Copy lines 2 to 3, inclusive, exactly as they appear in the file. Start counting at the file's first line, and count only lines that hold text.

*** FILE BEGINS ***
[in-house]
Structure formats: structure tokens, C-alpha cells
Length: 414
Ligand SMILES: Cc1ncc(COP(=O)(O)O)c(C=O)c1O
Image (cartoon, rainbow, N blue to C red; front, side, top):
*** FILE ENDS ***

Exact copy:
Structure formats: structure tokens, C-alpha cells
Length: 414